China's one-child policy impact analysed

By Rebecca Morelle
Science reporter, BBC World Service

Image caption,
Researchers have analysed the long-term effect of growing up alone

People growing up under China's one-child policy are less trusting, more risk averse and more pessimistic, a study concludes.

An Australian team of researchers compared people who were born just before the policy was introduced with those born after.

They used economic games and surveys to assess the participants' behavioural and personality traits.

The findings are published in the journal Science.

The lead author of the study Professor Lisa Cameron, from Monash University in Victoria, told the BBC's Science in Action programme: "We found that people born under the one-child policy were significantly less trusting and less trustworthy, significantly less likely to take risks and less competitive than those who were born before.

"We also conducted personality surveys and we found that those born under the one-child policy were less conscientious, slightly more neurotic and significantly more pessimistic than those born before."

However, another scientist from the University of Oxford said that the team was making a very strong claim and the differences between the two groups might not be solely down to the policy.

Money games

China's population-control policy was introduced in 1979, and it restricts couples in urban areas to have only one child.

The researchers looked at 421 adults: half were born a few years before the policy was introduced and the other half were born a few years after.

They used different economic experiments to study the participants.

One, called the "trust game", involved a scenario where a volunteer was given some money. They were then given the option of giving some of this to an anonymous partner, who in turn would get that amount tripled. The anonymous partner then had the option of giving back some of this to the original volunteer.

Professor Xin Meng, from the Australian National University in Canberra, explained: "The first part of this is about trust. It says I trust the other person will return some money. The second is about trustworthiness, that somebody trusted you to return the money.

"Those who were born after the policy would give significantly less money to the partner, and they also returned less money to the original person who gave them the money."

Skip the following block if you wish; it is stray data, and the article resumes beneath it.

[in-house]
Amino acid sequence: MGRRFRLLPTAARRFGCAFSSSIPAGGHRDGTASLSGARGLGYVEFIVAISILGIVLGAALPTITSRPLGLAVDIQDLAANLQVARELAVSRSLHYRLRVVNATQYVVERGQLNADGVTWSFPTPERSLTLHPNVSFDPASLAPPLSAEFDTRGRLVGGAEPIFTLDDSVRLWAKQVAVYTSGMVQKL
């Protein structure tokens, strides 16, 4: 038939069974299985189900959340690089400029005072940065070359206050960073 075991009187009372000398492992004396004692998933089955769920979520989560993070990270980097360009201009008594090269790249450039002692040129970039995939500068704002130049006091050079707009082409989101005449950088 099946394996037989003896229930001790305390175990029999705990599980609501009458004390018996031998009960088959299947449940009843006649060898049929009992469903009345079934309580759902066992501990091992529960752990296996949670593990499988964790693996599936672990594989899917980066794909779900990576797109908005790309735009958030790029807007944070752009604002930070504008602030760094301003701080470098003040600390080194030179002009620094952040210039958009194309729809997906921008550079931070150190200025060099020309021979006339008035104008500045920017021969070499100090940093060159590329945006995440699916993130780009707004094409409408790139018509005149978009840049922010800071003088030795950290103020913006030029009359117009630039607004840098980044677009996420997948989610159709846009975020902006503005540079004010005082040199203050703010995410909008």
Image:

Other simple experiments and surveys tested other traits such as the propensity for taking risks, competitiveness, optimism and pessimism.

Prof Meng said: "In China, there is a very common belief that the one-child generation is spoilt and selfish and they are not hardworking…. even though it is a common belief, no-one has ever tested this thing, or given hard evidence - and that is why we decided to study this."

She added that China was currently reconsidering its policy, and she hoped the results of the study would be taken into account.

Free choice

The researchers said that their results were not representative of all children who grew up without any siblings.

Prof Meng explained: "In other societies where fertility is a choice, only certain types of people choose to give birth to a single child - the majority will not. And these people will have certain personality traits and behaviour patterns. And when they give birth to a single child, these children are more likely to inherit these traits.

Image caption,
China is currently reconsidering its policy

"When you look at a society where fertility is a free choice, then the results will be a combination of the qualities you inherited, plus those you have gained growing up as a single child."

The team added that the one child policy was not strictly enforced throughout the country, so the results should not be applied to everyone in China.

Prof Cameron explained: "I am conscious when I present these results that I am standing up there talking about a slew of what people might think as negative consequences of the policy on only children.

"I certainly don't want to portray that only children have significant problems. It is just suggestive that growing up without siblings does have an impact."

Professor Stuart West, from the University of Oxford, said the study was "very interesting".

However, he cautioned against some of the conclusions that had been drawn.

He explained: "They are making very strong claims about differences in behaviour for people born before or after 1979, and they are inferring it is all to do with the introduction of the one child policy in that year.

"The problem is that is a potential explanation for that data - but there are almost an infinite number of other explanations of anything else that could have varied with time: variation of socio-economic environment, prosperity, nutrition, political environment - anything."

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